CPBD 013: Richard Otte – Evil and Miracles

by Luke Muehlhauser on January 15, 2010 in Podcast,Problem of Evil


(Listen to other episodes of Conversations from the Pale Blue Dot here.)

Today I interview Christian philosopher of religion Richard Otte. Among other things, we discuss:

  • What do arguments have to do with the rationality of belief?
  • The problem of evil and Plantinga’s free will defense
  • Evidential arguments from evil (Rowe and Draper)
  • Hume, probability, and miracles

guest richard otteDownload CPBD episode 013 with Richard Otte. Total time is 47:48.

Richard Otte links:

Things we discussed:

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{ 23 comments… read them below or add one }

Christof Jans January 15, 2010 at 1:01 pm


You seem to agree with Richard Otte’s statement that Plantinga’s free-will defense is sound. I am surprised by that.
Plantinga’s free-will defense assumes incompatibilism (I think). However, I thought you were a compatibilist (correct me if I’m wrong, I thought you were compatibilist because of http://commonsenseatheism.com/?p=5552 ).
As far as I can see, Plantinga’s defense fails if you assume compatibilism.

So, are you not a compatibilist? Or if you are, why do you think Plantinga’s argument is sound ?


John D January 15, 2010 at 1:33 pm

The Hanna-link appears to be broken.


lukeprog January 15, 2010 at 2:17 pm

Christof Jans,

I don’t know if Plantinga’s free will defense is sound.

I think Plantinga’s free will defense assumes libertarianism. (For example, you could be an incompatibilist determinist, which wouldn’t jive with the FWD.) I don’t accept libertarianism, but I’m not familiar enough to know of any argument saying that libertarianism is logically impossible, which is what you’d need to show that Plantinga’s FWD fails.


lukeprog January 15, 2010 at 6:39 pm

Okay, fixed the Hanna link.


J Wahler January 15, 2010 at 6:59 pm


I’ve really enjoyed your interviewing posture on these last few podcast…I think it’s great you let these great thinkers speak without rebutting. Far more restraint than I would certainly have. I enjoyed Ottes’ coy dismissal of approaches that tend toward a kind of explainationism. I also found interesting his objections to Drapers ‘indifference’ hypothesis as it concerned anyone’s ability to weigh ‘priors’ in determining a better inference for evidential suffering, but in the next breath committing to an orthodoxly conceived monotheism. What kind of things are you wanting to say but don’t in these fantastic interviews? That would be a great kind of journal supplement to these fantastic interviews….”What Luke was Thinking and Wanted to Say During and in Response To This Podcast”.

Also, it may just be me, but do the intro beats bleed into the interview too much? I have a real hard time hearing the speaker because the intro music is a bit too high for the first two or three minutes.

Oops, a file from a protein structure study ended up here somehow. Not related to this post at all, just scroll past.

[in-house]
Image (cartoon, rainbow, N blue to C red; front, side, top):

lukeprog January 15, 2010 at 8:03 pm

J Wahler,

Thanks for the feedback.


Steven Carr January 16, 2010 at 12:01 am

Plantinga’s free will defense?

I’m afraid there is now a battle going on in academia as to who should get the kudos for having thought of this.

It was Pat Robertson who claimed that natural disasters could be the work of demonic agents acting freely.

Why does Plantinga get the credit for something he heard on the 700 Club?


Steven Carr January 16, 2010 at 12:04 am

And isn’t Plantinga’s defense just as sound as my defense of the idea that all people except me have just one leg.

I defy anybody to produce a logical proof that they have two legs that cannot be refuted by Plantinga’s methods.


Steven Carr January 16, 2010 at 12:20 am


Here Otte uses the objection I raised against Plantinga’s defense. People choose in circumstances where there is an (alleged) omniscient being who knows which way people will choose. This blasts Plantinga’s logic to pieces.

Plantinga just ignored his own god in his own defense.

Otte is reduced to claiming that he could have a defense against the free will problem, even if he cannot show that it is true.

2000 years of Christian philosophy, and their best defenders are reduced to ‘saving the appearances’ defense.

Yes, it looks like the world is round, but it could still be flat….


Dan January 16, 2010 at 2:54 am

I agree about the music. The first 4 minutes of the interview are a bit hard to hear with the music playing of it, mainly because both of you are coming through the phone. But great interview. Pleasant, respectful, informative.


Ryan January 16, 2010 at 4:48 am

Re: Plantinga and incompatibilist free will, Quentin Smith wrote that Plantinga waffles between different meanings of freedom:

Luke, I responded to your post on ‘Who Designed the Designer’ here: